When you have a mix of experienced author and debut authors, and throw them together for an event at Books of Wonder, you’re bound to have a fun event – and a packed crowd.
Books of Wonder hosted Heart Pounding Teen Reads on September 7th, inviting a whole slew of fantastic authors to celebrate young adult literature at their store: Kristi Cook (Haven), Sarah Beth Durst (Conjured), Kit Grindstaff (The Flame in the Mist), Jonathan Maberry (Rot & Ruin), Phoebe North (Starglass) and Nancy Ohlin (Thorn Abbey).
The authors started by talking about their books and doing readings, before jumping into the questions. Bookstore owner, Peter, asked the first question, then alternated with the audience as to who asked the questions. With so many authors, they were only able to answer a couple of questions, but the authors made the most of it.
Authors were passionate from the get go – especially when it came to why they wrote YA. Jonathan Maberry shared that he started writing young adult because his agent told him a novella he wrote was really the beginning of the Rot & Ruin series, but it was something he quickly adapted to.
“One of the reasons I enjoy writing YA is because I remember the journey myself…the world I grew up in was destroyed by discovering the real world,” said Maberry.
“I really think books are magic and the reason I read and write is to touch that magic. I think that being a writer is like being a wizard,” said Sarah Beth Durst, author of Conjured.
It was a lure she could never resist.
“It’s the only thing I’ve ever wanted to do,” laughed Durst.
When an audience member asked the panel why so many YA books seem to be set in boarding schools, Kristi Cook – whose paranormal Haven series takes place in a boarding school – laughed.
“Boarding school are a wonderful way to get rid of parents without killing them off,” said Cook. Parents who are involved in their teenagers lives can make the story harder to work, but the teachers in a boarding school can still offer some parental-like guidance.
Nancy Ohlin, author of Thorn Abbey, agreed. Thorn Abbey is a retelling of the classic Rebecca where the character marries and moves in to an older man’s manor – a manor that is just as important to the story of Rebecca as any of the characters – and a boarding school made much more sense than a literal manor.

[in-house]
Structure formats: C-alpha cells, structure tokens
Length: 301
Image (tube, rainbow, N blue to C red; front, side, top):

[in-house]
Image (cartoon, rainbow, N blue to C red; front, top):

Audience members wondered if hiding out in a super store like Walmart was the best option in case of zombie apocalypse.
“Food distribution center is much better. It’s a brick building with no windows and no loading dock. Costco has windows,” grinned Maberry. The Rot and Ruin author thinks he can survive the zombie apocalypse so long as the zombies aren’t fast.
Phoebe North, author of the sci-fi Starglass, was asked if she was afraid of drifting into space after doing her research. She is. She can’t watch popular space shows like Joss Whedon’s “Firefly” because they unnerver her, no matter how good they may be.
“I found the most terrifying thing in the world is the idea of space without aliens,” explained North.
And then the usual question came up: how did these authors start writing? And what would they advise other aspiring authors?
North reported that she’d written several books, but ended up finding inspiration for Starglass in a very non-traditional format. She was reading an agent’s blog post complaining about the trend of dead parents being ridiculous. In response, she wrote the first few pages of Starglass and then just kept going.
“I would say keep at it and really dig deep,” recommended North.
Kit Grindstaff’s debut with The Flame in the Mist also had an unusual start. Her day job is as a songwriter, but she wanted to take a writing class. The first assignment was to write three different synopses, and while the first were nothing special, the third clicked with her and became her The Flame in the Mist.
Durst told the audience about her love of writing lasting since she was very young. She also recommended “not the old adage, write what you know, but write what you love.” Conjured was meant to be something completely different, but the introduction of one character and her story made Sarah fall in love with this girl and changed the story entirely.
“You’re always hearing these conflicting things of what sells and what doesn’t sell,” said Maberry with a roll of his eyes, advising people not to care the supposed trend. It’s mostly important to write the story in your head.
“That’s what makes us a writer – we see the world differently and we want to talk about it.” Maberry also used the example of growing up in the 1960s and 1970s when nobody wanted to directly talk about racial issues, but fantasy and sci-fi fiction indirectly allowed people to discuss the problem.
“We could talk about [race]because they were aliens,” said Maberry.
As for how they handled rejection? Well, Harry Potter wasn’t considered sellable and A Wrinkle in Time was too complicated for the young audience, yet now they’re some of the most beloved stories around. The authors made it clear: keep reading what you love and someday, big things can happen.
For more information on Books of Wonder, visit their website.